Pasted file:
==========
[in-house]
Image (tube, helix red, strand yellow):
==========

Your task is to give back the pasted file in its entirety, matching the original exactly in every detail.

[in-house]
Image (tube, helix red, strand yellow):